in General Sigel's department had better he collected at Harper's Ferry, so that it can be brought here or sent up the Shenandoah as may then seem most advantageous.
U. S. GRANT,
HEADQUARTERS DEPARTMENT OF WEST VIRGINIA,
Cedar Creek, Va., May 18, 1864.
Brigadier General L. THOMAS,
Adjutant-General U. S. Army, Washington:
No news of importance since the last engagement. The advance of cavalry of the enemy is at Woodstock. The infantry has not been able to cross the Shenandoah River, the water being too high. The enemy is constructing a bridge at Mount Jackson, and will probably march against me if he does not turn in another direction. Our advance is beyond Strasburg, and the cavalry was near Woodstock to-day.
(Copies to Brigadier-Generals Kelley and Weber.)
CAMDEN STATION, May 18, 1864-6 p. m.
(Received 6.45 p. m.)
Honorable E. M. STANTON:
Secretary of War:
After I left Washington to-day by the 3 o'clock train a letter was sent to the station for me from Major Woodruff, of Engineer Corps, stating pontoons could be towed more expeditiously than transported by rail, but adds that Colonel Pettes has been instructed to send by most expeditious route. As we are still keeping our cars and engine in Washington for this bridge, the want of which is so seriously interfering with military movements and public convenience at Harper's Ferry, we would like to know more definitely whether it is to go by canal or by our road, or whether it has started by canal and, if so, at what hour it left Georgetown. We are informed that with the locks the average speed upon the canal is less than four miles per hour. This would require nearly twenty-four hours from Washington to Harper's Ferry, while by rail it would go in eight hours at tonnage speed.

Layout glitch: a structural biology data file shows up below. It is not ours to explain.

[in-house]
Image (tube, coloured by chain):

W. P. SMITH.
(Same to Generals Halleck and Meigs.)
Washington City, May 18, 1864-7 p. m.
WILLIAM P. SMITH, Esq.,
The pontoons were ordered by General Halleck to be sent by canal. I am satisfied that it is a mistake and that they should go by rail, and will try to have order changed at once.
EDWIN M. STANTON,
Secretary of War.